Ace’s otter and fox moccasin work inspired by aquatint engraving of 19th century Swiss artist.
In 2006, Ace created a work entitled Reaction that was based on a style of footwear worn by southern plains tribes. This particular footwear incorporated hide fringe that emanated from the wearer’s heel designed to drag behind and erase or blur evidence of the wearer’s tracks. For Reaction, Ace reclaimed a pair of Kenneth Cole shoes, embellishing the vamps with electronic component floral work and replacing the hide fringe with a trailer of telephone wire referencing the contemporary erasure of the wearer’s cyber-tracks. Reaction was exhibited in the international touring exhibitions Changing Hands 3 – Art Without Reservations, Museum of Art and Design (NYC) in 2012 and Native Fashion Now – North American Native Style, Peabody Essex Museum in 2016.
In early 2013, while studying the work of 19th century Swiss artist Karl Bodmer (1809-1893), Ace was inspired by an aquatint engraving that depicted trail-duster moccasins of the northern plains and upper Missouri River. In 1832, Karl Bodmer was invited by Maximilian of Wied-Neuwied, a German prince and explorer, to join an expedition up the Missouri River to document the flora, fauna and Indigenous tribes of the region. Like the expeditions of Lewis and Clark and George Catlin, Bodmer’s extensive documentation, in particular Indigenous tribes and material culture are considered some of the finest visual history of the time. Bodmer’s work was later published in “Travels in the Interior of North America” by Maximilian of Wied-Neuwied c.1839-43 (Paris, Coblenz and London). It was from this publication that Ace came across a beautifully rendered hand-coloured aquatint engraving of two Mandan warriors in full regalia, Sih-Chida (Yellow Feather) and Mahchsi-Karehde (Flying War Eagle)(1833). Ace also directly studied Bodmer’s aquatints at the North American Native Museum in Zurich, Switzerland, where a complete portfolio of aquatints are housed and rotated for exhibition in the permanent Bodmer Gallery.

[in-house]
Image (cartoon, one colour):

In Bodmer’s aquatint, both warriors are depicted wearing ceremonial moccasins with fur dusters: Sih-Chida (Yellow Feather) is wearing porcupine quill or glass bead embellished otter pelt dusters, while Mahchsi-Karehde (Flying War Eagle) is wearing wolf fur and wolf tail dusters.
In 2014, Ace was gifted a vintage pair of Fluevog “Swordfish” boots that would become the basis for a direct contemporary response to the Bodmer depiction of the moccasins worn by Sih-Chida (Yellow Feather) in Nigik Makazinan (Otter Moccasins). Two years later in 2016, Ace responded to the second pair of moccasins worn by Mahchsi-Karehde (Flying War Eagle), choosing fox fur over wolf for aesthetic reasons in the work Fox Tail Moccasins. In 2017, the National Gallery of Canada acquired Nigik Makizinan (Otter Moccasins) (2014) for their permanent collection.